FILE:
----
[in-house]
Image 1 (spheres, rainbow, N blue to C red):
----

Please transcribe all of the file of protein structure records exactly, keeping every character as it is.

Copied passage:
[in-house]
Image 1 (spheres, rainbow, N blue to C red):